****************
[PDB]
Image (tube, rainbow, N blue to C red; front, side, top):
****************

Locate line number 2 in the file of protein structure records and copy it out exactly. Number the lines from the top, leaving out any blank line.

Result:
Image (tube, rainbow, N blue to C red; front, side, top):